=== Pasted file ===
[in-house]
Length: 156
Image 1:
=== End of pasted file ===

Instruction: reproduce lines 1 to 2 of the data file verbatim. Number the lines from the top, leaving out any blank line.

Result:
[in-house]
Length: 156